IT was a mainly mature audience on Sunday night at the UCS work-in anniversary concert at Glasgow's Old Fruitmarket.
As veteran performer Jimmie Macgregor told the audience: "Ronnie Scott of Ronnie Scott's jazz club once said that you can look young by associating with old people. So thanks very much for coming along tonight."
FORMER Central Hotel page boy Desmond Lynn tells in the sumptuous history of the hotel, Glasgow's Grand Central Hotel by Bill Hicks and Jill Scott, of comedy duo Laurel and Hardy staying there and waving to the thousands of fans thronging Hope Street.
Oliver Hardy asked for a pen or pencil to sign autographs, and Desmond handed him his pencil. When Oliver remarked on how small the pencil was, Desmond boldly replied: "Not as small as your sixpenny tip."
The duo laughed, took the hint, and handed Desmond a princely five shillings each.
THE book also tells of the fine dining at the Central where a guest at a dinner to mark the launch of a ship at the Fairfield yard asked a waiter how to eat the asparagus tips with butter he had just been served.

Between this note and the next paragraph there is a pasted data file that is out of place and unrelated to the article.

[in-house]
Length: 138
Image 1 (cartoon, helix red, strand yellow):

"Just hang back and watch another table," replied the waiter.
CATHERINE MacCallum in Glasgow spots baby buggies in a city supermarket and notes that their cardboard boxes are marked "Not for use when running or skating".
"The mind boggles as to Glaswegians 'pram skating' or holding 'pram-athons' in the run-up to the 2014 Commonwealth Games. Presumably this is the manufacturer's way of deterring any mothers without childcare from entering for Dancing on Ice," she tells us.
The trouble with Bairns...
TATTOOS continued. Jim Scott recalls a dedicated Falkirk supporter coming into the office one Monday proudly showing off the club badge tattooed on his upper arm.
It was simple enough to send him running anxiously to the mirror when one of Jim's colleagues looked at the tattoo and innocently asked: "Flakirk?"
Stand and deliver
MY inability to spell stationery correctly makes reader Jim Hair in Dalry think he can get away with telling the ancient joke about the chap asking the young lady in WH Smith's: "Do you keep stationery?"
Yes, altogether now: "'No, my boyfriend prefers me to move about a bit,' she replied."
So you've been warned. Point out my spelling errors and I'll be forced to use very old jokes on you.
TALKING of spelling, a reader noticed on a young friend's Facebook page that she had written: "I'm board".
Rather than point out her mistake in a gloating fashion, one of her male friends replied more subtly: "I'm chalk. Perhaps we should get together."
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